• No Financial Interest. Physicians who certify patients for medical marijuana cannot be employed by, or have any direct or indirect economic interest in, a medical marijuana treatment center or marijuana testing lab.
  • Emergency Rules. The Florida Department of Health will adopt emergency rules necessary to implement the new law.  According to Amendment 2, the Department of Health has until July to issue rules.

It is important to note federal law still criminalizes the possession, use, and sale of marijuana.  The new Florida law does not immunize violations of such federal law or any non-medical use, possession or production of marijuana.  We will continue to monitor changes to Florida regulations on this issue.

For more information on other developments in health care laws affecting physicians, hospitals, and other providers, including the team, publications, and other materials, visit Foley’s Health Care practice.

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Florida’s New Medical Marijuana Law and Telemedicine Exams

Following a special session, the Florida Legislature on June 9, 2017 passed two important bills regarding medical marijuana in the Sunshine State: SB 8A and SB 6A. Together, these bills implement Article X, section 29 of the Florida Constitution, which was added after voters approved Amendment 2, expanding the medical use of marijuana for qualifying patients.  Florida Governor Rick Scott is expected to sign both bills into law.  The new laws would become effective immediately upon signature.

Among the more than 80 pages of legislation, there is one small sentence with big implications for telemedicine and virtual care providers.  Under the new law, the physician issuing a medical marijuana certification must be physically present in the same room as the patient when conducting the certification examination – meaning physicians may not issue a certification for medical marijuana via a telemedicine exam.  For the foreseeable future, Florida residents seeking medical marijuana prescriptions will be limited to in-person examinations.

The statutory language is as follows:

(4) PHYSICIAN CERTIFICATION.—

(a) A qualified physician may issue a physician certification only if the qualified physician:

1. Conducted a physical examination while physically present in the same room as the patient and a full assessment of the medical history of the patient.

Since last year, the Florida Board of Medicine has been considering prohibiting physicians from ordering medical marijuana via telemedicine.  In December 2016, the Board issued a proposed amendment to its telemedicine regulations to clarify that physicians may not order medical cannabis or low-THC cannabis via telemedicine.  The Board subsequently held public hearings on the issue, with a third hearing scheduled for August 4, 2017.  It is unclear how the Board will proceed on its proposed regulation, as the new statute also charges the Department of Health, the Board of Medicine, and the Board of Osteopathic Medicine to adopt rules underneath the law.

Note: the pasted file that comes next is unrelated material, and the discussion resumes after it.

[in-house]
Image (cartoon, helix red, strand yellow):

Some states, like California, do not prohibit telemedicine-based examinations for medical marijuana, while others, like Colorado, require an in-person examination prior to recommending medical marijuana.  Even in states that allow telemedicine-based examinations for medical marijuana, providers should keep in mind that the examination for the condition for which medical marijuana is being recommended must be an appropriate prior examination and meet the standard of care.

It is also important to note federal law still criminalizes the possession, use, and sale of marijuana.  The new Florida law does not immunize violations of such federal law or any non-medical use, possession, or production of marijuana.  We will continue to monitor changes to Florida regulations on this issue.

For more information on telemedicine, telehealth, virtual care, and other health innovations, including the team, publications, and other materials, visit Foley’s Telemedicine and Virtual Care practice.

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Florida Board of Medicine to Hold Another Hearing on Telemedicine and Medical Marijuana Rules

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On August 4, 2017, the Florida Board of Medicine will hold a third public hearing to discuss its proposed amendment to Florida’s telemedicine practice rules regarding medical marijuana. The Board held two prior public hearings, after which it delayed implementation of the rule for further consideration.